Nuclear medicine is used mainly to allow visualization of organs an Clinical Uses of Nuclear Medicine | Nuclear Medicine | Imaginis - The Women's Health & Wellness Resource Network

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Clinical Uses of Nuclear Medicine

Nuclear medicine is used mainly to allow visualization of organs and regions within organs that cannot be seen on conventional x-ray images. Space occupying lesions (injury or abnormality), especially tumors, may stand out on nuclear medicine images. Generally, these lesions are seen as areas of reduced radioactivity (called a "coldspot"); however, in some instances, like bone scanning, areas of increased activity (called a "hotspot") represent disease or injury (pathology).

Bone scanning

Bone scanning with nuclear medicine can be an important step in diagnosing and assessing treatment of various kinds of cancer, including breast cancer, because it can reveal whether the cancer has spread (metastasized) beyond its primary site and developed secondary cancer growths in the bones. On an x-ray one might see that the bone is not broken, but on a bone scan, physicians can see metabolic changes caused by fine fractures, small tumors, or degenerative diseases such as arthritis.

This nuclear medicine bone scan is normal and shows no pathology.

Heart Disease

Nuclear medicine is also an important component in the diagnosis and treatment of heart disease. For example, cardiac angiography yields excellent images of the beating heart and the blood vessels (coronary arteries) that supply the heart muscle (myocardium) with blood. However, a stress thallium nuclear medicine study provides additional information by showing the function of the myocardium.

In a stress thallium study, two data acquisitions are performed during a stress thallium study. First, the patient is vigorously exercised on a treadmill or stationary bicycle to elevate cardiovascular activity and "stress" the heart. This is followed immediately by a nuclear medicine examination. The patient is then given a period of time to rest. When the patient's heart activity has again become normal (or "at rest"), a second nuclear medicine study is completed. The physician then compares the images and function of the heart at rest to the heart under stress. Areas of the heart which may have been previously damaged by myocardial infarction (heart attack) or may have insufficient blood supply due to a blockage of a coronary artery will not show the proper function in the stress image. Another common cardiac application of nuclear medicine is the MUGA scan (electrocardiographic MUltiple Gated Acquisition) which allows study of the heart's muscular wall motion and study of the heart's chambers.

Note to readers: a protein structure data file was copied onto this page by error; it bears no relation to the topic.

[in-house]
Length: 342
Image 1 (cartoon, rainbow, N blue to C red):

Cardiac "stress thallium" nuclear medicine study comparing the heart under stress (upper row) to the heart at rest (lower row). Study shows normal cardiac function.

Nuclear Medicine Can Image and/or Show the Function a Variety of Organs and Body Parts to Diagnose a Number of Medical Conditions Including:

  • abdomen (example given, to check for gastrointestinal bleeding)
  • brain (e.g., to look for tumors or aneurysms (blood vessel disease) or evaluate stroke)
  • blood (e.g., to test for various blood cell disorders)
  • breast (e.g., to image breast cancers)
  • hepatobiliary system (e.g., to check gallbladder and bile duct function)
  • heart (e.g., to look for coronary artery disease, myocardial infarction, valve disease or heart attack; to detect heart transplant rejection; check the effectiveness of bypass surgery; to select patients for angioplasty or bypass surgery)
  • kidneys (e.g., to check renal function; to detect renal tumors; to test for renal transplant rejection)
  • liver/spleen (e.g., to check for chirrhosis or metastatic cancer)
  • lung (e.g., to check for pulmonary embolism (blood clot), check for lung transplant rejection or test for smoke inhalation injury in burn patients)
  • lymphatic system (e.g., to detect if cancer has spread to the lymph nodes)
  • skeletal system (e.g., to check for metastatic cancer or to test for hidden bone trauma in sports injuries)
  • stomach (e.g., to check for stomach function and to confirm ulcers or cancer)
  • thyroid and parathyroid (e.g., to check for tumor or abnormal function)

This nuclear medicine study shows normal breast anatomy and no abnormalities in this patient.

Updated: June 10, 2008